The Star Malaysia - Star2
Everything old is new again
Meet the young people who are preserving Malaysian traditions by re-working them to appeal to a new generation.
MALAYSIAN tradition does not have to be at odds with modernity – with the right approach, it can even thrive and reach a whole new audience.
This is the driving force behind several local initiatives that have reimagined elements of traditional culture with a contemporary twist.
Since 2012, Fusion Wayang Kulit has been reviving Kelantanese wayang kulit (shadow puppetry), but with a healthy infusion of pop culture.
Working closely with accredited tok dalang (master puppeteer) Pak Dain, the group creates traditional shadow puppets inspired by the likes of Star Wars, superheroes, and Japanese anime. It is most popular for its staging of the Star Wars-inspired wayang kulit show, Peperangan Bintang, complete with characters like Sangkala Vedeh (Darth Vader), Tuan Puteri Leia (Princess Leia) and Perantau Langit (Luke Skywalker).
Fusion Wayang Kulit founder Tintoy Chuo says that what began as a bit of fun has become a cohesive effort to preserve and showcase a dying Malaysian art.
“We got a lot of compliments about how we were making this traditional art more accessible, and we realised that it is important for us as Malaysians to find and hold on to our identity,” he says.
A connection to identity was also what led sisters Warda and Wirda Nokman to start Werks & Wit, an online handpainted jewellery business that features traditional Malay accessories like brooches and dokoh (tiered traditional necklaces) in bold, contemporary hues.
Warda, whose family is from Melaka, says that her fondest childhood memory was of her grandmother dressing up in her kebaya, complete with traditional accessories.
“But the current generation tends to think of these accessories as being old-fashioned. So instead of the usual gold or silver, we thought of giving the jewellery a pop of colour to make them more modern and wearable,” she says.
Founded in 2012, Werks & Wit aims to make these pieces a part of daily wear and not just for cultural occasions.
“We don’t want these traditional designs to die out. We want Malaysians to take pride in wearing them, and to be proud of our culture,” says Wirda.
Illustrator Charis Loke’s desire to make Malaysian traditional wear more “cool” led to the Geeky Baju Project, a series of illustrations where traditional outfits like the baju kurung and salwar kameez are reimagined with fantasy and video game themes.
Available for purchase as art prints and postcards, her designs include baju kurung and kebaya inspired by The Lord Of The Rings, salwar kameez with elements from the Watchmen graphic novel, and baju Melayu based on The Hunger Games.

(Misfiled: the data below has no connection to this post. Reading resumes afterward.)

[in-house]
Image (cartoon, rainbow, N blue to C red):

“Cultures evolve and grow, they’re not static. Adapting and improvising traditional elements, when done respectfully and purposefully, is part of that,” says Loke.
“We are best positioned to tell stories about Malaysian culture because we grew up living it. If we don’t tell stories about what we know, well then, who will?” In celebration of what makes us Malaysian and also to strengthen national pride, Star Media Group launched the Raise The Flag campaign on July 24; it will run until Malaysia Day on Sept 16.
You can participate in the campaign by using the cut-out templates published in The Star newspaper to create the Jalur Gemilang and ‘T-shirt’; pose with the flag and decorated paper T-shirt for a photograph and post it on social media with the hashtag #RaiseTheFlagMY. You can also share your photo at facebook.com/ raisetheflagmy.
And if yours is among the best poses, you could win prizes such as staycations and dining vouchers. Submissions with at least 15 people “wearing” the T-shirts and waving the flags in the photo stand to win a RM4,000 buffet for 100 people from Original Kayu Nasi Kandar; winning group school entries will receive Pizza Hut vouchers.
If you missed the templates published in The Star, look out for the paper’s special issue on Sept 14. To bulk order the special issue, contact The Star ’s customer care unit at 1-300-887 827 (Monday to Friday, 9am to 5pm).
Thousands of proud Malaysians have already posted photos on the social media wall at thestar.com.my/raisetheflag – check them out! The site also has a video showing you how to cut out the flag and T-shirt.
The Raise The Flag campaign’s main sponsor is Aset Kayamas while Malaysian Resources Corp Bhd is the cosponsor.